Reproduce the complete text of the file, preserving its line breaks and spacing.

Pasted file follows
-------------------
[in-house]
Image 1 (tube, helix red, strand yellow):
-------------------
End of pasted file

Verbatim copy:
[in-house]
Image 1 (tube, helix red, strand yellow):